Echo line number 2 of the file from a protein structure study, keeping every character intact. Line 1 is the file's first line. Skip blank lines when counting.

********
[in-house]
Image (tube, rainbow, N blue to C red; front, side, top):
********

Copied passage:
Image (tube, rainbow, N blue to C red; front, side, top):